“Anyone who has set foot into one of our state’s 673 state natural areas knows how lucky we are to live in a state that understands their value, not just to wildlife, but to the human spirit,” says Ruth Oppedahl, executive director of the Natural Resources Foundation of Wisconsin. “An investment in these ecological gems is an investment in a truly wonderful future for Wisconsin.”

The foundation’s new 2–year SNA fundraising strategy targets 54 state natural areas — encompassing 13,400 acres — that have the greatest and most immediate management needs. This includes prescribed burns, invasive species control, plantings and other management activities to restore and maintain the integrity of these lands. With help from members and grantors, the foundation is committed to providing $400,000 over the next two years to do this work. Matt Zine, the state conservation biologist who coordinates the SNA management, is excited about the new foundation strategy. “This effort will really help us address some critical issues on some of our highest–quality sites,” he says. “It will give us the biggest biological bang for the buck.”

The 54 priority state natural areas span the state, from Squirrel River Pines in the Northwoods to Kettle Moraine Oak Opening in the southeast; from Baileys Harbor Boreal Forest and Wetlands in Door County to Cassville Bluffs in Grant County. The list also includes Parfrey’s Glen, Wisconsin’s first state natural area. Each state natural area on the priority list offers visitors unique experiences, while also requiring unique management.

In addition, the foundation holds nine endowment funds that raise money for specific state natural areas or for SNAs in general. For example, the Wisconsin Chapter of The Nature Conservancy created a designated fund for Quincy Bluff and Wetlands State Natural Area in support of the Department of Natural Resources. The Cherish Wisconsin Outdoors Fund, a public–private initiative, is a fund designed to support habitat improvement on state–owned lands, including state natural areas.

As part of its outreach strategy, the foundation aims to bring these places to life through its blog (wisConservation.org/wisConservation–blog/), inspiring everyone who cherishes Wisconsin to enjoy and support state natural areas.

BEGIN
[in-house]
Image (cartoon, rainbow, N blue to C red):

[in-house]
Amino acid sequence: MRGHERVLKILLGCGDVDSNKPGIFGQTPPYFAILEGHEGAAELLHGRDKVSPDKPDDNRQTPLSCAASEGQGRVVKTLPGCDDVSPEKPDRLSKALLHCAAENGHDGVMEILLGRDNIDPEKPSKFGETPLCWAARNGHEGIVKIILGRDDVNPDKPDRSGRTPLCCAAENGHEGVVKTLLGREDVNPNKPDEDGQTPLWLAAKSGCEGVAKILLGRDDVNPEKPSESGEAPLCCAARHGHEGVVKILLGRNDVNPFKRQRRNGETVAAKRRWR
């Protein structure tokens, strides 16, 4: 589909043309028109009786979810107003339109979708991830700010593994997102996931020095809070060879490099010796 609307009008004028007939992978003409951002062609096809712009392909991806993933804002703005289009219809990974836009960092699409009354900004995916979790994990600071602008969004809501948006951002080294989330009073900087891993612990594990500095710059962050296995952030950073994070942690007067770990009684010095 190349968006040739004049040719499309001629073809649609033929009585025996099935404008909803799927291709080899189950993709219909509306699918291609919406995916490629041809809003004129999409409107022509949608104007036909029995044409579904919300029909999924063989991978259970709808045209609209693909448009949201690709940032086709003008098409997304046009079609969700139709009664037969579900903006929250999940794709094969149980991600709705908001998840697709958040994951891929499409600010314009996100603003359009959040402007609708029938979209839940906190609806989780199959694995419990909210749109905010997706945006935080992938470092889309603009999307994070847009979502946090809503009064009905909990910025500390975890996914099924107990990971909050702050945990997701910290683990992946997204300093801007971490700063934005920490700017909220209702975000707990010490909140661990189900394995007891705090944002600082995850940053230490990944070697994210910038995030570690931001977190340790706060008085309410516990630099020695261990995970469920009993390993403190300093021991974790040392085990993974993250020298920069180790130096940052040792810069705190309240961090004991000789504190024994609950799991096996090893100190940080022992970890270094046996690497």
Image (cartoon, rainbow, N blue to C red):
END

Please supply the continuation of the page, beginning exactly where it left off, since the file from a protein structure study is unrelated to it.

Lisa Gaumnitz is a writer for the DNR’s Natural Heritage Conservation Program.

Natural Resources Foundation of Wisconsin teams up with DNR to invest in the state’s ecological gems

Emulating Mother Nature to ensure a healthy ecosystem is no small task. It requires developing sometimes creative measures to control invasive plants, carefully prescribing burns for habitats that would historically have relied on fire, managing neighbor relations and periodically making difficult decisions about the competing needs of rare and endangered species.

The Department of Natural Resources masterfully takes on these challenges of varying degrees on Wisconsin’s beautiful state natural areas, and is doing so with a little extra help from the Natural Resources Foundation of Wisconsin.

“Anyone who has set foot into one of our state’s 673 state natural areas knows how lucky we are to live in a state that understands their value, not just to wildlife, but to the human spirit,” says Ruth Oppedahl, executive director of the Natural Resources Foundation of Wisconsin. “An investment in these ecological gems is an investment in a truly wonderful future for Wisconsin.”

The foundation’s new 2–year SNA fundraising strategy targets 54 state natural areas — encompassing 13,400 acres — that have the greatest and most immediate management needs. This includes prescribed burns, invasive species control, plantings and other management activities to restore and maintain the integrity of these lands. With help from members and grantors, the foundation is committed to providing $400,000 over the next two years to do this work. Matt Zine, the state conservation biologist who coordinates the SNA management, is excited about the new foundation strategy. “This effort will really help us address some critical issues on some of our highest–quality sites,” he says. “It will give us the biggest biological bang for the buck.”

The 54 priority state natural areas span the state, from Squirrel River Pines in the Northwoods to Kettle Moraine Oak Opening in the southeast; from Baileys Harbor Boreal Forest and Wetlands in Door County to Cassville Bluffs in Grant County. The list also includes Parfrey’s Glen, Wisconsin’s first state natural area. Each state natural area on the priority list offers visitors unique experiences, while also requiring unique management.

In addition, the foundation holds nine endowment funds that raise money for specific state natural areas or for SNAs in general. For example, the Wisconsin Chapter of The Nature Conservancy created a designated fund for Quincy Bluff and Wetlands State Natural Area in support of the Department of Natural Resources. The Cherish Wisconsin Outdoors Fund, a public–private initiative, is a fund designed to support habitat improvement on state–owned lands, including state natural areas.

As part of its outreach strategy, the foundation aims to bring these places to life through its blog wisConservation.org/wisConservation–blog/), inspiring everyone who cherishes Wisconsin to enjoy and support state natural areas.

Lindsay Renick Mayer is the communications director for the Natural Resources Foundation of Wisconsin.